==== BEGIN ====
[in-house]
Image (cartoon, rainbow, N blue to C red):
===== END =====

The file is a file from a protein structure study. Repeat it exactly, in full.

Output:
[in-house]
Image (cartoon, rainbow, N blue to C red):